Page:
Barnes: I can’t really say. It all happened in a very organic way. I think I realized at one point a couple years ago—in the indie-rock world, there’s a lot of pressure to be modest. And a lot of people [in that world] are very shy, and feel if someone’s going to be legitimate or genuine, it can’t be pretentious. But I realized it’s fun to be pretentious. Pretentiousness offers freedom. My concept of pretentiousness isn’t phoniness; it’s just role-playing and not having a fixed identity. Because I think that’s really destructive when people, especially in the indie community—it hearkens back to the punk-rock mentality where, to be real, you shouldn’t have a stage persona, you have to just be this person on stage all the time, and you have to have accountability for what you said yesterday. But I feel like it’s cool to not put those restrictions on your character because you’re gonna be different people from day to day. And there’s no reason why you have to put yourself in this prison, like, “This is my identity and this is who I am, and if I stray from that then I’m being phony.” I don’t believe it’s possible to be phony. You’re always gonna be who you are. And even if you contradicted who you were yesterday, it doesn’t matter ’cause yesterday’s irrelevant. Today’s the only thing that matters. Once I accepted that, and allowed myself to not have a fixed identity, I realized, “I want to be something fantastic. If I’m gonna create who I am, I don’t want to be this shy, meaningless creature that hasn’t made a splash in the world. I want to be something outrageous and fantastic and inspiring and bizarre.” In my normal life, I’m very down to earth. I watch ESPN and do a lot of like boring things nobody would get excited about.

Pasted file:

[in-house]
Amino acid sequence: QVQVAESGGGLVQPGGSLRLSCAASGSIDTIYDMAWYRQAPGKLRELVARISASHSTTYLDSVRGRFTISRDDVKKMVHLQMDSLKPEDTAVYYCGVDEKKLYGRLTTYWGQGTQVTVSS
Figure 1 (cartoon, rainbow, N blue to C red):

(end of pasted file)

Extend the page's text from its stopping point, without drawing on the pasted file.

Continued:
Paste: You were saying you play baseball.
Barnes: Yeah, yeah. But I realized, “OK, if I’m gonna be a performer, I need to perform, you know—I need to do something fantastic.” There’s no point in going on stage in your street clothes ’cause that’s not that exceptional. If you’re gonna go on stage and you’re gonna have people watch you, look at you, and you want to entertain them, you should do something exceptional.
Paste: Yeah, it’s like, every choice you make, you can make it be interesting and add to the experience or not.